Good news for economy, bad news for rates

Open house during pandemic, people wearing face masks walking in and out of house

Pfizer’s announcement on Monday marks an early step on the long road to approving, and eventually distributing, a vaccine.

Though there's a lot of work to be done, investors pounced on the news anyway.

Markets rallied, with the Dow Jones Industrial Average climbing more than 800 points. The optimism on Wall Street also pushed the yield on the 10-year Treasury note to its highest level since March.

“[The] encouraging vaccine news and more certainty surrounding the outcome of U.S. elections combined to push bond yields strongly upward, and mortgage rates followed suit,” says Matthew Speakman, an economist with Zillow.

The average for a 30-year fixed-rate mortgage rose Monday and Tuesday and is now at 3.01%, according to Mortgage News Daily’s survey of lenders. That’s after rates settled at an average 2.89% on Friday, ahead of the Pfizer news.

Last week, a different, weekly survey from mortgage giant Freddie Mac put the rates on home loans at record lows for the 12th time since the pandemic began.

Virus will continue to stifle rebound

Balancing Of Percentage Red Block And House Model On The Small Seesaw
Andrey_Popov / Shutterstock

Rates had been sinking while investors tensely awaited the outcome of the presidential election, which was called for Joe Biden on Saturday.

But though they've gone up this week, mortgage rates are still at levels that would have seemed unbelievable not long ago. Last year at this time, 30-year rates were averaging a steeper 3.86%, Mortgage News Daily says.

And don’t expect the economy to get back to normal just yet — which means the Federal Reserve is likely to keep supporting ultra-low mortgage rates.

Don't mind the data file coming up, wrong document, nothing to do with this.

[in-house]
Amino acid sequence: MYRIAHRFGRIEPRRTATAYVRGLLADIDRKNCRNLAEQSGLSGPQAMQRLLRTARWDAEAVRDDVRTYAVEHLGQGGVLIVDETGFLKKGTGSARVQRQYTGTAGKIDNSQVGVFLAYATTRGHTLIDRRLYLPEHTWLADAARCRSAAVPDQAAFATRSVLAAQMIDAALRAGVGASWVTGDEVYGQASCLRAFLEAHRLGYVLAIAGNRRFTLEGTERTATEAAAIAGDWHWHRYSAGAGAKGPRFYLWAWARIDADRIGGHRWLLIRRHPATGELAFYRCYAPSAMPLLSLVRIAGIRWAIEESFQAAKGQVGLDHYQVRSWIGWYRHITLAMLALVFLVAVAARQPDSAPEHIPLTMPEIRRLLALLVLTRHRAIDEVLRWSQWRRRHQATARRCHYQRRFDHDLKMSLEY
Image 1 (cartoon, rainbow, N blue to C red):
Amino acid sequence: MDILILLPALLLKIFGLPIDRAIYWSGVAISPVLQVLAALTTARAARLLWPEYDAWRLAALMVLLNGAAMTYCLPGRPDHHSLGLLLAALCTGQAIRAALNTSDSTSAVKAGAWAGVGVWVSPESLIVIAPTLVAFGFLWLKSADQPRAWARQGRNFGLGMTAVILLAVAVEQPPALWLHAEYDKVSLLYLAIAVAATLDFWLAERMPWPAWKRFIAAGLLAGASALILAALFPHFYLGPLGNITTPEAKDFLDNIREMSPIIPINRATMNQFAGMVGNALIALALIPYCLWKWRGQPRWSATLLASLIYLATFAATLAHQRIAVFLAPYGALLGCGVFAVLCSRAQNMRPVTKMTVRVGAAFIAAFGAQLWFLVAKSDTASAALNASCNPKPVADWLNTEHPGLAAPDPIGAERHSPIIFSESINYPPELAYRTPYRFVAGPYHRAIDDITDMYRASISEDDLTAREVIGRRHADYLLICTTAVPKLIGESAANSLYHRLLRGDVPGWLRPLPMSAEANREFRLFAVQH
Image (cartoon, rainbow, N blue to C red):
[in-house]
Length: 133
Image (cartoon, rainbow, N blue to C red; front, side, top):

Big portions of the economy (think: entertainment, leisure and hospitality) won’t recover until the virus has been properly corralled, says Zillow’s Speakman.

Meanwhile, higher mortgage rates and Pfizer’s promising vaccine are squeezing the stocks of some of the largest homebuilders.

That’s because an effective vaccine could curb the current stay-at-home culture, along with the recent appetite for homes in the suburbs, away from crowded cities.

Take advantage before rates climb higher

Woman and dog sit with laptop on bench outside home
Halfpoint / Shutterstock

Even as coronavirus cases in the U.S. surge, Monday’s announcement gives hope for an eventual return to normalcy.

But there’s still time to lock in the best mortgage rates before they rocket higher on further good vaccine news.

Some 18.5 million mortgage holders are in a prime position to refi and save around $300 monthly, the mortgage data firm Black Knight said last week. The researchers add that 2.5 million could even save $500 or more every month by refinancing.

Whether you're refinancing or buying a home, compare at least five rate quotes to find the best deal, because mortgage offers can vary widely from one lender to the next.

If you do miss out on rock-bottom rates, you’ll need to look for savings elsewhere. You can use your comparison shopping skills when you buy or renew your homeowners insurance, so you’ll get the lowest possible price for the coverage you need.

About the Author

Ethan Rotberg

Ethan Rotberg


Ethan Rotberg is a staff reporter at MoneyWise. His background includes nearly 15 years as a writer, editor, designer and communications professional. He loves storytelling, from feature writing to narrative podcasts. His work has appeared in the Toronto Star, CPA Canada and Metro, among others.

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